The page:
Rasika et al. showed that in their study, there is an increase in the risk of development of GDM with increased levels of serum uric acid.[26] Studies by Coughla et al., have shown the association of hyperuricemia with GDM.[27]

Zhou et al., in their study, measured lipids and uric acid concentrations in 1000 healthy nulliparous women at 20 weeks of gestation and showed that hyperuricemic women experienced a 1.99-fold risk for preeclampsia and a 2.34-fold risk for GDM.[28] In the present study, the uric acid levels and level of TNF-a and IL-8 were significantly raised in GDM patients compared to controls, and even though level of IL-6 was raised in GDM patients, it was not significant. Serum bilirubin, GTX, and SOD levels were decreased in GDM patient when compared with controls. Even though control group had no complications, maternal complications such as preeclampsia, polyhydramnios, preterm labor, and fetal complications such as macrosomia and intrauterine device were common in GDM group. Only preeclampsia had statistical significance with TNF-a; rest of the markers though elevated in GDM had no statistical significance with any of the complications.

Consistent with literature, the present study also quotes that the incidence of macrosomia was 13.3% (n = 8), all in the study group which can be correlated for the increased operative deliveries in gestational diabetes. This study also showed increased instrumental deliveries and cesarean sections in the GDM group.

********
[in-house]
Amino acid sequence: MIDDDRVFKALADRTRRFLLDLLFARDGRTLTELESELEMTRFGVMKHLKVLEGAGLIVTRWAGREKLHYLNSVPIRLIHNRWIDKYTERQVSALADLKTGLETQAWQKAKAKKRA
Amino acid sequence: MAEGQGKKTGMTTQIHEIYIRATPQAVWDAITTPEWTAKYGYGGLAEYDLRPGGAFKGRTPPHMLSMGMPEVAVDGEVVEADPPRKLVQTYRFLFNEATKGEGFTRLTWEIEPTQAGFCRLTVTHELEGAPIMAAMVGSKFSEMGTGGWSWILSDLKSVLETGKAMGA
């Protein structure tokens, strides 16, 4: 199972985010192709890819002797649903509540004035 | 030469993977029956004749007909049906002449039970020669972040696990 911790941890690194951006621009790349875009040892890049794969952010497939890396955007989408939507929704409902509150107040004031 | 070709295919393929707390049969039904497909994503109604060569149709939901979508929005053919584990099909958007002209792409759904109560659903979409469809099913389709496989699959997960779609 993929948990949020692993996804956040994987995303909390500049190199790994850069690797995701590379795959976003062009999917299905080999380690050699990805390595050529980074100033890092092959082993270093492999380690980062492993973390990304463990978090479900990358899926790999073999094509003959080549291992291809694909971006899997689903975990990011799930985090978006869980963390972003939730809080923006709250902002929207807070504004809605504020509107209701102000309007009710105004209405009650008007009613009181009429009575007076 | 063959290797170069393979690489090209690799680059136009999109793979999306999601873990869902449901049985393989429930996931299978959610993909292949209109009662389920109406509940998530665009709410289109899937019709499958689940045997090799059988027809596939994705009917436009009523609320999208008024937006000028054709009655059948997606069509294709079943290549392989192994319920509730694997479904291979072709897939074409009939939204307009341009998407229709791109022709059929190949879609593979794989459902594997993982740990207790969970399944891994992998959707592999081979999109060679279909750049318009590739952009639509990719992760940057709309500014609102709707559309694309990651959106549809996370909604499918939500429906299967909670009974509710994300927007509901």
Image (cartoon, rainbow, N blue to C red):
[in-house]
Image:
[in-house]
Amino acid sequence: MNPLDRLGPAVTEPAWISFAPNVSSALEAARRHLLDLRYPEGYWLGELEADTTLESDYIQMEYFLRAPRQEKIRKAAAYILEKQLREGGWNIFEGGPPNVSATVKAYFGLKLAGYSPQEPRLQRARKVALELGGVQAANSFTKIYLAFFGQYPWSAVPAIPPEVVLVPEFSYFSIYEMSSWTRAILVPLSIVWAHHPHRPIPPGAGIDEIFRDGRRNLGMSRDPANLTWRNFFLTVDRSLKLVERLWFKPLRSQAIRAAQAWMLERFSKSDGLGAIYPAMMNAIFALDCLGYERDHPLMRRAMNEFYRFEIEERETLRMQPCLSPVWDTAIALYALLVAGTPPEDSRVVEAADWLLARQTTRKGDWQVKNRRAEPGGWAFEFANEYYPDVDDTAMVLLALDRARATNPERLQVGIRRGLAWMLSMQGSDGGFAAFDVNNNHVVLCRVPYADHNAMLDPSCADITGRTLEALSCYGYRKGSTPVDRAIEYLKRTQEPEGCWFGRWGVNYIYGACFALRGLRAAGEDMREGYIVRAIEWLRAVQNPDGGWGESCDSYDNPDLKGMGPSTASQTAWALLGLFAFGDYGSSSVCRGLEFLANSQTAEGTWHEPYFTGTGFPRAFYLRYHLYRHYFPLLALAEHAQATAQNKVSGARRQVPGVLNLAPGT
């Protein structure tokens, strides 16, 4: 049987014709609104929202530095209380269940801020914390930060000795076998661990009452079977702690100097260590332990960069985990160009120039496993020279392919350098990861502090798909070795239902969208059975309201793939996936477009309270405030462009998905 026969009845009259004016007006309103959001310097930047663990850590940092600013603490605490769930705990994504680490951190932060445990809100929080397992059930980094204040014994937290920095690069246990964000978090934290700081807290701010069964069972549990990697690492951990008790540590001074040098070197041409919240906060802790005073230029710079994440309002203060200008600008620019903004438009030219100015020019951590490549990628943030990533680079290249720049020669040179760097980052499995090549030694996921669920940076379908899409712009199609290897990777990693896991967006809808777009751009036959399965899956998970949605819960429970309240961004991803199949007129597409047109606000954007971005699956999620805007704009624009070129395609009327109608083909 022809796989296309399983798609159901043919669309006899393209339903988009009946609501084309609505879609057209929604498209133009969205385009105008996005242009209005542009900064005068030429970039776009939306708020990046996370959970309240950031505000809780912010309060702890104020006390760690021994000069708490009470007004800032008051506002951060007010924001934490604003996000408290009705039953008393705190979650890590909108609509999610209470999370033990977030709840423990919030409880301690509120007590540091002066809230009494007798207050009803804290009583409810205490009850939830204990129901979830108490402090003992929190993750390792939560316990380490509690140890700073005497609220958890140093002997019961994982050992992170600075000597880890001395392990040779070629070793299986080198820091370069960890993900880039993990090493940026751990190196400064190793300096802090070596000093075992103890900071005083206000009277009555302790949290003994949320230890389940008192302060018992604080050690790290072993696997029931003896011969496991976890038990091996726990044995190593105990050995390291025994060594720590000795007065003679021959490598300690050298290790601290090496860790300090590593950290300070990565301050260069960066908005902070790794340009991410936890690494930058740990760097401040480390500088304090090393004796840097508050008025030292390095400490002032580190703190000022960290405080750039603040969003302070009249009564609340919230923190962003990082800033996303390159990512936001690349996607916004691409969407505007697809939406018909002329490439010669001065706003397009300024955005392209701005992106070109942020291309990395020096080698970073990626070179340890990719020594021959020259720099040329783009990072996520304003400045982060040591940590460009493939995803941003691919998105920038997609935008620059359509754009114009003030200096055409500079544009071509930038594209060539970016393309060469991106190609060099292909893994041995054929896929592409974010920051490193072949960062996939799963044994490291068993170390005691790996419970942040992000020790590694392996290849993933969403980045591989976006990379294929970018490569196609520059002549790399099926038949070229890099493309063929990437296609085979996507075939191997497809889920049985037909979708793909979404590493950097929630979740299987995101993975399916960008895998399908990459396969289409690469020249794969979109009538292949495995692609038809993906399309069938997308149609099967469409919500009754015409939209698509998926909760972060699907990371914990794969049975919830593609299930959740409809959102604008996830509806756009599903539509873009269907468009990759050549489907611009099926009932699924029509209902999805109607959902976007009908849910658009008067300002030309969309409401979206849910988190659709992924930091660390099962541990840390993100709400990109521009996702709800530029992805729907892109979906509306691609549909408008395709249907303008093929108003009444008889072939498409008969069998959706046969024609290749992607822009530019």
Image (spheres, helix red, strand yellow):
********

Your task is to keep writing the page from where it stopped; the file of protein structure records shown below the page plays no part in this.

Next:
Further analysis and comparison of mean levels of oxidative stress markers using ANOVA revealed a significant difference in the mean values of OGCT values, uric acid levels, TNF-a, IL-8, SOD, and GTX levels for control, GDM without complication, and GDM with complications, and post hoc tests revealed a significant mean difference in the level for control and other two categories. However, there is no significant difference between GDM with complications and GDM without complications [Table 5].
Table 5: Mean values of cytokines among controls, GDM with complications and GDM without complications

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Early intervention and right treatment in individuals with GDM or at increased risk for developing of GDM will be helpful in preventing the adverse maternal and fetal outcome and also save them from long-term complications.


   Conclusion Top


Serum uric acid and TNF-a levels were significantly increased in GDM patients, and levels of GTX and SOD were decreased in GDM. Oxidative stress is elevated in GDM and TNF-a had a statistical significance with preeclampsia.

Acknowledgment

We sincerely thank Dr. Madhu Srinath for statistical programming assistance. We thank Research Society for Study of Diabetes in India (RSSDI), Karnataka chapter, for their financial grant to the study.

Financial support and sponsorship

The study was funded by RSSDI, Karnataka chapter.

Conflicts of interest

There are no conflicts of interest.



 
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    Tables

  [Table 1], [Table 2], [Table 3], [Table 4], [Table 5]